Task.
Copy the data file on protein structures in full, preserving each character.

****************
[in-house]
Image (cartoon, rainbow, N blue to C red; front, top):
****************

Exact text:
[in-house]
Image (cartoon, rainbow, N blue to C red; front, top):